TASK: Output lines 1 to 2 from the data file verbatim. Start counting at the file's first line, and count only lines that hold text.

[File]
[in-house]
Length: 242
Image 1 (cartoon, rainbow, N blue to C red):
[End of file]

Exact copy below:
[in-house]
Length: 242